I am getting better at batch processing food for canning. There was a nice swing of chop-boil-mill going on yesterday Apples are on sale here so we went to our local produce market and stocked up with 37 pounds of galas, pink lady, braeburns, fujis, and honey crisps. I was going for 50 pounds, but stopped when the box they gave us was getting pretty full. Good thing too, my sink can’t hold any more!
I made a previous post detailing how I make applesauce and apple butter, so see that if you want instructions. I filled up the crock pot for butter, and jarred the rest. In all 37 pounds of apples produced a full crock pot (4 quarts of sauce -> 10 half-pints of butter) and 7 quarts of applesauce (a very full stock pot!). This is a good size because my crock pot was full, and my canner only holds 7 quart jars. Next time I have a weekend at home I can use a few sauce jars to make more butter. Hooray for fall!
Based on my previous few attempts I am producing 1 quart of sauce for just under 3 pounds of apples. 50 pounds would get me a full crock pot and two rounds of quart jars in my canner. That would be a full afternoon!
Let me start by saying that I love salsa. It can be a wide variety of things with different techniques, ingredients, and styles. I have experimented a bit with different versions of salsa and wanted to document a few key ways to make it. First off, Pico De Gallo is delicious, but not what I am going for. Pico is with fresh, uncooked, ingredients. I am looking for a cooked salsa that I can can (in a jar) for future use. Fun fact, salsa means “sauce” in spanish!
I am not going to do a lot of ingredient variation in my experiments. I have a set of things that make a good salsa and want to focus more on the salsa making techniques than the ingredients. Specifically how the vegetables are chopped or milled, and how they are cooked. Texture is an important part of eating, and the process of cutting or smashing could release different flavors. Similarly, the cooking method can impart or alter flavors. I am going to break up the different techniques into a table and slowly check off each version, documenting as I go along.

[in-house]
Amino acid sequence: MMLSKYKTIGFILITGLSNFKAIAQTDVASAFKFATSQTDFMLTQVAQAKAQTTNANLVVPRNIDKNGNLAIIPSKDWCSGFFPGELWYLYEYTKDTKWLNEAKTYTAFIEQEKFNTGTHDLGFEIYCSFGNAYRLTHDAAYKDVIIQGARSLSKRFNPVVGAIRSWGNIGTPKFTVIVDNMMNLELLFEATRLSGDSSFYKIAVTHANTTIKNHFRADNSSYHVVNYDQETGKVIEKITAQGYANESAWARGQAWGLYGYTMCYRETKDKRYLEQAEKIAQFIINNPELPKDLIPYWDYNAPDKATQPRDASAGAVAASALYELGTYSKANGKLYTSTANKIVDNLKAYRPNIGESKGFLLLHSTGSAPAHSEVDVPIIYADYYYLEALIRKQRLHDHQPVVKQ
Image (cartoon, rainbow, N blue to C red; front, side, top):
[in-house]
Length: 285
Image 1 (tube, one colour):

There are really three ways of getting this done as I see it. Chopping by hand, food processor, and food mill. The hand method can provide select sizing of ingredients, and not “mush” anything along the way. It is very slow, and I like a finely chopped salsa. That leaves chopping ingredients via a food processor and a food mill. I have used the food processor with good results, but it can liquify the ingredients too much sometimes. The mill will be new to me, but promises consistency. I will be using this attachment to process the ingredients.
The raw ingredients have to be cooked. I have used two different techniques to cook them. First is to chuck everything into a pot and cook it all down. Easy, effective, and it mingles the flavors. This works well for canning, because you have to heat everything up enough to can it safely. The other way is to sear the ingredients on a hot cast iron skillet before combining. I have done this with out any cook-down, and it yielded great results! This would still require some time in the pot before canning.
I made a 2×2 salsa matrix to show how the combination plays out. Think of it as some sort of salsa round robin challenge. May the odds be ever in your favor!